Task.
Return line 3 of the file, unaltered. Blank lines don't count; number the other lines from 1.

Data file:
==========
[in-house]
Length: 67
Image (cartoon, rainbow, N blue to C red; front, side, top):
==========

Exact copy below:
Image (cartoon, rainbow, N blue to C red; front, side, top):